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In Grant 1986, it says:

For this analysis the absolute fitness of an individual id scored as 0 if it disappeared and 1 if it survived, and these scores are then converted to relative fitness values by dividing them by the mean absolute fitness.

Grant, P. R. 1986. Ecology and Evolution of Darwin's Finches

If we have this dataset (for example):

   id x1 x2 x3 x4 x5
1   1  0  1  0  0  0
2   2  0  0  1  1  0
3   3  1  0  1  1  0
4   4  1  0  1  1  1
5   5  1  0  1  0  0
6   6  0  0  0  0  1

Imagine that id is a column of individuals and the rest (x#) are the absolute fitness. Then, how would you calculate the relative fitness? For an example, what would be the relative fitness between x3 and x4? X1 is the first event of capture. I.e. I went on the field and capture birds for examples and noted who was there (0). I went on the field on X2, X3, etc. and noted which bird was there.

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  • $\begingroup$ I don't fully understand the data set. Can you please explain what each column $x_n$ mean? $\endgroup$ – Remi.b Apr 7 '16 at 2:59
  • $\begingroup$ I edited the question $\endgroup$ – M. Beausoleil Apr 7 '16 at 3:13
  • $\begingroup$ An individual cannot have more than one value of absolute fitness. I still don't fully understand the data. I don't understand how can an individual disapear at reappear. I suppose the data just say present/absent (or found/not found). I don't understand why knowing an individual is present at time $t_2$ give us as information about its fitness. Do you know or is it part of what is unclear to you too? $\endgroup$ – Remi.b Apr 7 '16 at 3:32
  • $\begingroup$ Let's say you're calculating the fitness of an individual from one year to another (say X3 to X4). ID 2 to 4 are surviving, but ID 5 is not. Than the absolute fitness for year x4 would be 1,1,1,0 (for ID 2 to 5). I wonder how to calculate a relative fitness. Like the citation basically. $\endgroup$ – M. Beausoleil Apr 7 '16 at 4:49
  • $\begingroup$ Well for one thing each individual lived at least as long as the interval between first and last capture - e.g. although individual #5 was not captured at time point X2 you know it was alive then because it was captured both at X1 and X3. I don't see where fitness comes in to this - you can score relative lifespan but longevity is a poor proxy for fitness $\endgroup$ – rg255 Apr 7 '16 at 5:08
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So the dataset is this:

  id   x3 x4
   2    1  1  
   3    1  1  
   4    1  1  
   5    1  0  

Lets assume that we caught the entire population so that we know that a 0 is really a dead organism (the estimate is proportional to lifetime fitness). Furthermore, there is no density-dependent selection and the generations are non overlapping.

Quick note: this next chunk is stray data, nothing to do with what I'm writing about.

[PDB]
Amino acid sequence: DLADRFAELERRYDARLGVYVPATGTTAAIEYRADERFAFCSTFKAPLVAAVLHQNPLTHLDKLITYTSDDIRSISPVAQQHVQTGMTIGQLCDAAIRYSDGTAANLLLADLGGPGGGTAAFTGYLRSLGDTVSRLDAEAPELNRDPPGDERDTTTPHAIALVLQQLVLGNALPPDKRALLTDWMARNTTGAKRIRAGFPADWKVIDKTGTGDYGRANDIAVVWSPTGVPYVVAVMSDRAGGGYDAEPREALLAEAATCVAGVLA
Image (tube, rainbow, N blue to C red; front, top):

The survival for next year would be the fitness value of all individual. So in year x4, the absolute fitness would be W = c(1,1,1,0). Then the mean absolute fitness would be: W_bar = (1+1+1+0)/4 = 3/4. Then to get w, the relative fitness, you divide W by W_bar. w = c(4/3, 4/3, 4/3, 0). Therefor, if you calculate mean(W/W_bar), it should give you 1.

This is as in Endler, J. A. 1986. Natural Selection in the Wild. Princeton University Press, p. 168.

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  • $\begingroup$ Not sure I get your question here, with your capture history you coulde estimate a survival for the populaiton. Therefore you could add covariable to your model like body mass and make a realtion between higher survival and bigger weight by example. A proxy of absolute fitness coulde be surviving until sexual maturity or something like that ... So what your question (objective ) $\endgroup$ – Nico Coallier Apr 8 '16 at 3:32
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To illustrate my comment:

   id x1 x2 x3 x4 x5 group
1   1  0  1  0  0  0   1
2   2  0  0  1  1  0   0
3   3  1  0  1  1  0   1
4   4  1  0  1  1  1   1
5   5  1  0  1  0  0   0
6   6  0  0  0  0  1   1

Lets say the 1 are the bird with dark wing and the zero the bird with white wing. So You can easily run a model in MARK or Rcapture (or others...) to estimate survival for each group.

Let's say you obtain a survival between X2 and X3 of 0.70 for the dark wing and of 0.85 for the white wings. Assuming that they have the same number of offspring, you can calculate the relative fitness for the white wing :

w(white)= 0.7/0.85 = 0.83

Is that what you want to do ?

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  • $\begingroup$ Not exactly, I wanted to calculate relative fitness values, like the Grants. I mean, look at the citation in the yellow box. That's what I mean. $\endgroup$ – M. Beausoleil Apr 8 '16 at 21:10
  • $\begingroup$ What's your fitness proxy ? $\endgroup$ – Nico Coallier Apr 8 '16 at 21:36
  • $\begingroup$ Survival, like what the Grants used. $\endgroup$ – M. Beausoleil Apr 9 '16 at 3:51

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